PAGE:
Sharing the WealthSharing the Wealth is an excellent introduction to the contemporary state of international trade. Kapstein contextulizes the debate by providing both commentary on economic policy since World War II and brief surveys of relevant economic and political theories that are easy for the average reader to understand. Moving from Adam Smith and John Maynard Keynes to more recent literature he examines the relationship between income inequality and and the general performance of an economy. Similarly, Kapstein progresses from concepts of utilitarianism to more recent conceptions of social justice (e.g., John Rawls). The author's conclusions are strikingly similar to many who have participated in protests of the WTO: namely that trade agreements must be linked to issues of human rights and core labor standards. He offers many valuable insights on how such linkage can be ensured with prescriptions for a variety of government policies, corporate codes of conduct, and ways that groups and associations can play vital roles. Regardless of one's political views, Kapstein provides a compelling argument that is a great addition to literature on the subject.

The WTO: Five Years of Reasons to Resist Corporate Globalization by Lori Wallach and Michelle Sforza
For a more specific, fact-filled understanding of the WTO, consider this brief but insightful investigation (with an Introduction by Ralph Nader, Green Party candidate for the 2000 Presidential race), which makes a good case for a less secretive, less corporation-centered way of handling global trade. This pamphlet, part of Seven Stories Press's Open Media Pamphlet Series discusses the environmental issues more thoroughly than Kapstein's work, and lays bare the processes used by the WTO that ultimately can overrule the laws of supposedly sovereign nations. The aim of this book, as well as Kapstein's, is not protectionism or the end of global trade. Rather, both indicate a desire for decisions about trade to be made in more democratic ways, addressing concerns about the environment, health and safety, poverty compounded by debt, and human and labor rights.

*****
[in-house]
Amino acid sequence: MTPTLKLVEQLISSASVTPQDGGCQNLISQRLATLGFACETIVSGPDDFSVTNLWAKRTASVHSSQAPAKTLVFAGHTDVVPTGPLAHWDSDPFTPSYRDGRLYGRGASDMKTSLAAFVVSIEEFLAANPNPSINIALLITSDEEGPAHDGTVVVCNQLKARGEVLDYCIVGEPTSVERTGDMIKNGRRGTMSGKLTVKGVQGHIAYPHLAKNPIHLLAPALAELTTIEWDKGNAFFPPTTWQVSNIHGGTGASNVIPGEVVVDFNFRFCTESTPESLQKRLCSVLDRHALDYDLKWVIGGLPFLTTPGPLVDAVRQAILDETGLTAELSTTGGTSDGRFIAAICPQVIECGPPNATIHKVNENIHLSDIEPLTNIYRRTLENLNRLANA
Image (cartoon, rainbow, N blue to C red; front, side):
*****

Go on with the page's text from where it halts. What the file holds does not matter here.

The Open Media Pamphlet Series
For readers of The WTO who want to make a difference, Nader suggests: "Step One: Read this pamphlet and pass it on." I would like to recommend a Step Two: Read other books in the Open Media Pamphlet Series. These books are all relatively inexpensive and chock full of useful information for folks interested in activism and social theory. With the participation of such renowned authors as Noam Chomsky, Robert W. McChesney and David C. Korten, this impressive series is intellectual yet approachable. The series includes:

The Progresssive Guie to Alternative Media and ActivismPerhaps most handy, though, is The Progressive Guide to Alternative Media and Activism. Divided into alphabetical listings of National Alternative Publications, Regional Publications, Organizations, and Activist Groups, The Progressive Guide provides addresses, phone and fax numbers, web and e-mail addresses, and brief descriptions for these organizations. It allows one to both find groups of like-minded individuals as well as gain access to the press through alternative organizations. Meant to foster the free flow of ideas and subvert the homogeneity of the dominant media, this reference guide aims to put the "movement" back into the Progressive Movement.